Touria Prayag's Blog

l’express Weekly, 17 June 2011

Posted in Uncategorized by touriaprayag on June 20, 2011

Pdf weekly 17 juin

The good the bad and the hopeless

I don’t give a damn about being popular,” the minister of Commerce
said in an interview in l’express-dimanche. For his sake,
I sincerely hope he meant it. For, if last Tuesday’s parliamentary
session were a popularity contest, Michael Sik Yen’s fi rst performance
as a minister promoted to Commerce would have put him at the
bottom of the heap. For someone who boasted that he gets home at two
am and carries on working at night and through weekends, one cannot help
but wonder whether the minister could not do with some sleep instead.
Many of us would be capable of a much less mediocre performance if we
prepared for the questions in our sleep.
Watching the parliamentary exchange, I could not help but sympathize
with the leader of the opposition and share in his frustration
and helplessness. It was impossible to get anything across no matter
what language one spoke. The contrasting style of a well-prepared Paul
Bérenger, who had done his homework thoroughly, and a diffi dent
minister who suddenly discovered, with obvious shock, that the power
bestowed upon him and which he seems so proud of comes with responsibilities,
created a burlesque situation verging on the tragi-comic.
In one session, Michael Sik Yuen beat the record for dodging questions
without managing to wriggle his way out of trouble. First, he asked
for the simplest of questions to be repeated, then he tried his luck with
the vaguest of answers and, caught by an opponent with a reputation
for not pulling his punches, said that a committee was looking into the
matter, then another committee, before he took refuge in the promise
that he would look into the matter himself. In the end, he plucked up
what heart he could and admitted, almost pleadingly, that he had taken
on the portfolio only a week before! Waw Waw! For someone who states
that he works day and night! Sometimes silence IS golden. Besides,
wasn’t he the minister of Business, Enterprise, Cooperatives and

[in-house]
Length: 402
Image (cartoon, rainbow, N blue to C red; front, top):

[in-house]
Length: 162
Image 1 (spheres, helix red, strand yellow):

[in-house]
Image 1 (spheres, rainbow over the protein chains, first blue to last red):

Consumer Protection? How was he protecting our interests all this
time if he did not have a clue what was going on in the STC?
When he fi nally sat down, arms crossed like a pupil who had just been
scolded by the headmistress, the smile on his face was ambiguous: was it
embarrassment or relief that one could read? Or perhaps gratitude. For he
owes quite a few ‘thank you’ notes: fi rst to the speaker who tried several
times to rephrase the questions. Second, to the prime minister who must
have been so embarrassed by his minister’s performance that he tried to
advise him through a row of ministers. And, believe it or not, he even owes
a ‘thank you’ note to Showkatally Soodhun, who must have felt so much
pity that the initial smug expression on his face was wiped off and the selfsatisfi
ed look replaced with concern as he tried to murmur some strategy
to bail his colleague out. Fancy! I wonder whether he will have the modesty
to send another note to his advisors and press attaché who, throughout
the dismal performance, were running left, right and centre like headless
chickens trying to get notes to him to try and fi sh him out of his misery.
Well, if Michael Sik Yuen has not realised that there is a great
difference between talk and action, he has at least the merit of having
made everyone else realise it.
Some ministers need to be put out to grass. Seriously. This is a